I’m disappointed that my Jets lost, of course, but I was proud of the way they fought back from a seemingly impossible deficit. I was absolutely convinced that if they had gotten the ball back with two minutes to go, they would have marched down and scored the winning touchdown. I give the Steelers credit for throwing a couple of gutsy passes at the end rather than play it safe. That’s what champions do. Good luck to them in the Super Bowl, but I’m going to be an honorary Cheesehead for the next two weeks.
A few comments on the quarterbacks:
Aaron Rodgers of the Packers has thrust himself into the category of elite quarterbacks. Many NFL fans don’t remember that it was a stroke of luck that made Rodgers a Packer. Rodgers, star quarterback at the University of California, was thought to be a possible #1 draft pick by the San Francisco 49ers, which held the first pick in 2005. Instead, the 49ers selected Alex Smith, whose pro career could be generously described as “mediocre.” (Think they’d like to have that decision back?) Meanwhile, in what became the top story of that year’s draft, Rodgers fell precipitously to the 24th pick, where Green Bay selected him as the eventual successor to Brett Favre. Further proof that the NFL draft is often a crap shoot.
Ben Roethlisberger of the Steelers has a chance to win his third Super Bowl, which would be as many as Tom Brady. In his first Super Bowl season, Roethlisberger acted more as curator for the Steeler offense – keep handing off to the running backs, make some safe passes, don’t do anything stupid. Now his guts, mobility and strong arm are major factors in Pittsburgh’s success. Roethlisberger’s size and mobility were key factors in the Jets’ inability to stop the Steeler offense in the first half. If the Jets had his receivers covered, he would scramble for first-down yardage; if the Jet pass rushers got their hands on him, he would shake them off.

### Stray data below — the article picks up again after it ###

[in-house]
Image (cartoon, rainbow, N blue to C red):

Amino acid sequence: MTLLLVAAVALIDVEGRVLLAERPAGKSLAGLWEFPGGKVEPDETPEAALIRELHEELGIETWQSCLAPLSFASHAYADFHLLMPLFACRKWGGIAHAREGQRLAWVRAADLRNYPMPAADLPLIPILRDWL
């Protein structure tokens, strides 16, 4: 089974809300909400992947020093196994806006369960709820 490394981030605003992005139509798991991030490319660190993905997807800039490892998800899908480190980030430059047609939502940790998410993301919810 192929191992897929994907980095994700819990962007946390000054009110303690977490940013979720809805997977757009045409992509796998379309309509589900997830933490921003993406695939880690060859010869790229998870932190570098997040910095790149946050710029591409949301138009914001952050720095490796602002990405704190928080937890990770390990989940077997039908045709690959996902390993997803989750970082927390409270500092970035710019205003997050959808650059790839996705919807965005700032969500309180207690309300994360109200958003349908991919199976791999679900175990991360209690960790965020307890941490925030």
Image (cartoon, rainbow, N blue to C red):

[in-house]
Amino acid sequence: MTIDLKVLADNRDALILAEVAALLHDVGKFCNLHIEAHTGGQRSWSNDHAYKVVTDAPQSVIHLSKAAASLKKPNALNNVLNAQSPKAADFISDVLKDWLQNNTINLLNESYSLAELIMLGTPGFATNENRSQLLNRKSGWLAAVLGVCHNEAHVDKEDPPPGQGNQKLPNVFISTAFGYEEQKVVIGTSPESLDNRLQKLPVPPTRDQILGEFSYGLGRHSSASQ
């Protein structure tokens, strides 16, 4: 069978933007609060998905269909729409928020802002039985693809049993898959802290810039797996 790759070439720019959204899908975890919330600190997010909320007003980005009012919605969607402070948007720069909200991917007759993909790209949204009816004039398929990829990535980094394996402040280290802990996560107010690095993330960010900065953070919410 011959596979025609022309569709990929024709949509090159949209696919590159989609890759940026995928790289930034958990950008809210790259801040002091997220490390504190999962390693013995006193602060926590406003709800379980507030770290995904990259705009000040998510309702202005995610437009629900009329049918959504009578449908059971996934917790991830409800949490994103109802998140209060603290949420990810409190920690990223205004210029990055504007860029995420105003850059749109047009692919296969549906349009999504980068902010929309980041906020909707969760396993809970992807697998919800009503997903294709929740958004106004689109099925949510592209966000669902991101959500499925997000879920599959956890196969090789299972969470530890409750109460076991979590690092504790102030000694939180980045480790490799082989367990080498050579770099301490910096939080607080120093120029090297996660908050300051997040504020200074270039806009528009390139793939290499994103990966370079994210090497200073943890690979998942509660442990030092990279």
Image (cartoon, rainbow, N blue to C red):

Can we stop badmouthing Mark Sanchez of the Jets? The criticisms I keep hearing about him are: his inconsistent accuracy, which is true, but also his ineffectiveness if the Jets cannot run the ball and his inability to bring the team back from big deficits. In fact, both were disproven today. The Jets didn’t start moving the ball successfully today until they scrapped their run-first philosophy and started flinging the ball, and if they’d had another possession, I think they would have completed the largest rally in NFL playoff history. Sanchez may never be Brady or Manning, but he’s plenty good enough to win a Super Bowl.
While we’re at it, can we stop talking about Jay Cutler of the Bears as if he’s a big-time quarterback? His reputation took a major hit today with his second-half sidelining with a knee injury that wasn’t severe enough to keep him from standing up. Since I have never been anything close to a professional athlete, I’m reluctant to question a player’s heart, but many others did, like the radio color commentator Randy Cross, who pointed out that the only way Aaron Rodgers would have let himself be pulled from the biggest game of his career would have been if he had a limb falling off. It’s notable that in the Steelers-Jets game, both Roethlisberger and Sanchez left the field with injuries that looked severe, yet neither missed a play. Meanwhile, Yahoo! reported that several NFL players were tweeting in the second half about Cutler’s heart. (Example: Running back Maurice Jones-Drew tweeted, “All I'm saying is that he can finish the game on a hurt knee... I played the whole season on one...”)
Here’s hoping the Steelers and Packers give us a great game in two weeks. And thanks to Rex Ryan and his staff for giving me an exciting season.